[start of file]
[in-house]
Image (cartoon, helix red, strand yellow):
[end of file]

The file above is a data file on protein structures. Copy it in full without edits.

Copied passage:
[in-house]
Image (cartoon, helix red, strand yellow):